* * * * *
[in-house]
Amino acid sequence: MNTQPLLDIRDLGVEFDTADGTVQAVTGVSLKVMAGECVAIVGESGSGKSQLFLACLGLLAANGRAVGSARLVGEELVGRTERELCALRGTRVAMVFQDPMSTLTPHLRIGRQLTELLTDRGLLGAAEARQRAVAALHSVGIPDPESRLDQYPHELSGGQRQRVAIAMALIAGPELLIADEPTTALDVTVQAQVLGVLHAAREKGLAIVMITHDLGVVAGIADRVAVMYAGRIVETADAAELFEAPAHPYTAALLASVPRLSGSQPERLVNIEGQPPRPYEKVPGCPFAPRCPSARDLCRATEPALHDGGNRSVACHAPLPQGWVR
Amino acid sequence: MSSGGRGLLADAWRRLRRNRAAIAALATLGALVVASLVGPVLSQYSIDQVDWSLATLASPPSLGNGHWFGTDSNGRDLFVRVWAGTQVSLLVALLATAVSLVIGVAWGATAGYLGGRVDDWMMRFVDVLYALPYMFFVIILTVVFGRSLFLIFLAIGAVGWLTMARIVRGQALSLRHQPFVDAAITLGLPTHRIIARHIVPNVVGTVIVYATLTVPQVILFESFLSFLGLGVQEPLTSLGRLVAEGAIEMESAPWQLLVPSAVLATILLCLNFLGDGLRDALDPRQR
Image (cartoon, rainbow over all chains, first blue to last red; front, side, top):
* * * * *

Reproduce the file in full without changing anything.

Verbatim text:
[in-house]
Amino acid sequence: MNTQPLLDIRDLGVEFDTADGTVQAVTGVSLKVMAGECVAIVGESGSGKSQLFLACLGLLAANGRAVGSARLVGEELVGRTERELCALRGTRVAMVFQDPMSTLTPHLRIGRQLTELLTDRGLLGAAEARQRAVAALHSVGIPDPESRLDQYPHELSGGQRQRVAIAMALIAGPELLIADEPTTALDVTVQAQVLGVLHAAREKGLAIVMITHDLGVVAGIADRVAVMYAGRIVETADAAELFEAPAHPYTAALLASVPRLSGSQPERLVNIEGQPPRPYEKVPGCPFAPRCPSARDLCRATEPALHDGGNRSVACHAPLPQGWVR
Amino acid sequence: MSSGGRGLLADAWRRLRRNRAAIAALATLGALVVASLVGPVLSQYSIDQVDWSLATLASPPSLGNGHWFGTDSNGRDLFVRVWAGTQVSLLVALLATAVSLVIGVAWGATAGYLGGRVDDWMMRFVDVLYALPYMFFVIILTVVFGRSLFLIFLAIGAVGWLTMARIVRGQALSLRHQPFVDAAITLGLPTHRIIARHIVPNVVGTVIVYATLTVPQVILFESFLSFLGLGVQEPLTSLGRLVAEGAIEMESAPWQLLVPSAVLATILLCLNFLGDGLRDALDPRQR
Image (cartoon, rainbow over all chains, first blue to last red; front, side, top):